How can parents help their children with English at home?
- Live writing: Sit with your child to write a response to the task. This won’t be easy but the important thing is seeing it as a draft – write quickly together and then revise it together, looking for improvements and so ‘teach’ the notion of reflection, critique and language choice. It doesn’t have to be the whole composition, working together on constructing a good introduction can get your child started well with the confidence to continue.
- Writing prompts: This is a technique that we use a lot at the British Council to improve both complexity and variety of grammar, style and encourage our students to choose their language more carefully. Choose 6 writing prompts (customisable) and give them a number e.g. 1) begin your sentence with ‘despite’; 2) your sentence should include a simile; 3) your sentence should be 7 words; 4) use the rule of three; 5) your sentence should contain onomatopoeia; 6) your sentence should contain direct speech.
- When your child gets their work back from the teachers, or shows you a first draft of their homework, select a sentence they have written and roll a dice. The challenge is to re-write just that sentence, using the prompt but keeping the meaning the same.
- Encourage a personal response about the texts: Finishing comprehension questions can seem like the end of the task. Once scores are given often there is no reason to return to the work, but asking children what they learned, what they liked and what was surprising forces students to re-read, and more deeply. The question should always be “Why? Tell me the evidence for this.”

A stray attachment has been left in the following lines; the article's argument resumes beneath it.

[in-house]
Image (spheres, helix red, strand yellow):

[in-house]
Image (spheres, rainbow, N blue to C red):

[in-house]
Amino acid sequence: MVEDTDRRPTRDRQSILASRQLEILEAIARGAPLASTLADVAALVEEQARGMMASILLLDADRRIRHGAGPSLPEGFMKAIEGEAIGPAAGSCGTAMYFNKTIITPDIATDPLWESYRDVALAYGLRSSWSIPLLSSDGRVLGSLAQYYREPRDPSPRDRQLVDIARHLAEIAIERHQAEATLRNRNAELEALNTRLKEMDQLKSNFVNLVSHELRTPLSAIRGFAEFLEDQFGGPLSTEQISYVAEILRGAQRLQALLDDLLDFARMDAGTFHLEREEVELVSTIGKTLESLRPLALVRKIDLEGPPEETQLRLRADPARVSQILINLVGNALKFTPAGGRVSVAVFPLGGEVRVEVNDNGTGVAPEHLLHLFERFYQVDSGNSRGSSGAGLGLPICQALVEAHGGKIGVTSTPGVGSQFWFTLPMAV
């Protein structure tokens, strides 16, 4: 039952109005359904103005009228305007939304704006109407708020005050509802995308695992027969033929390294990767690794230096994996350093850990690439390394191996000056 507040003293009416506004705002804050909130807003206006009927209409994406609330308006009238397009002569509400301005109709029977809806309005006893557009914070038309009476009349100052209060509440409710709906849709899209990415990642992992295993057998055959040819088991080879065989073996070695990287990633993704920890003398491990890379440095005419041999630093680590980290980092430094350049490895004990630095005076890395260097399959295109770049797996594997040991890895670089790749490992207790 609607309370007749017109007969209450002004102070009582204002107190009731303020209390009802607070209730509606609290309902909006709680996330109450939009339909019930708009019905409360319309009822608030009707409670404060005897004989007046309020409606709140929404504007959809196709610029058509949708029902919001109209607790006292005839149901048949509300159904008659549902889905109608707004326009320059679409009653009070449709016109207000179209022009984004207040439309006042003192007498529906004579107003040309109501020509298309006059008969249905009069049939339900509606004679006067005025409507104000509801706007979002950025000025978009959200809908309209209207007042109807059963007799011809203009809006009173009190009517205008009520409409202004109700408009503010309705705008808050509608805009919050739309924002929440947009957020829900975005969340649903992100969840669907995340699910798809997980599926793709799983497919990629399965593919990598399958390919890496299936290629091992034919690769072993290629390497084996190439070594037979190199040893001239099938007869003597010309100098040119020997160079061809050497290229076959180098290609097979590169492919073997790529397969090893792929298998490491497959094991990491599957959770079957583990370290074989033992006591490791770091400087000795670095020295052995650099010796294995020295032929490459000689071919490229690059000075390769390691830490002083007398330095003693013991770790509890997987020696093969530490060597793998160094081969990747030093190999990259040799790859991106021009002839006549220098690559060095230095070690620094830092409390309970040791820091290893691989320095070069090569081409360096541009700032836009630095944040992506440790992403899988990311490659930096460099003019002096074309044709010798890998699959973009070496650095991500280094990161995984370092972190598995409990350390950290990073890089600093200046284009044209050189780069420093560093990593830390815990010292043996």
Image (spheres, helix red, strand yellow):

- Fill in the knowledge gaps: The more your child knows, the more he or she will be able to impress the examiner not just with technically good language, but with in-depth ideas. As adults, we know more than our children about a wider variety of themes so, tell them about them…or at least provide your perspective.
What are some unconventional methods to help students increase their interest in improving their language skills?
We hear a lot of parents bemoaning their children’s reading habits especially those who enjoy graphic novels. Yes, Shakespeare would indeed be more of an enriching choice for everyone but it does need to be read properly, at an appropriate age with support and discussion. Highbrow literature they might not be, but graphic novels do have potential, especially for composition.
Most frames are limited to the dialogue. The setting information, character description, how the dialogue was expressed are made explicit by the imagery. It is absolutely possible to take a frame and construct a short written piece containing all of the above but in narrative form. For example, what reporting verb would best show how the dialogue was said; can the expression of the character be explained; what is happening in the background? The picture offers a good reference point for self-critique.
Advertising is everywhere in Singapore. It represents a goldmine for developing language skills. Adverts on the MRT, specials boards and menus in restaurants, shop signs, fire-safety signs, to name but a few, are everywhere. They are all technically visual texts.
The purpose of the task is for students to construct meaning from a combination of text and graphic features. Next time you are waiting for the waiter to take your order, have another look at the menu and think about which part of the menu your eye was drawn to first, how the various dishes are organized, the names given to meals which can be a stylistic goldmine containing alliteration, puns, etc. The real challenge is to consider how you (and the family) might improve on it. In fact, you might offer your ideas and boost your bank balance in the process!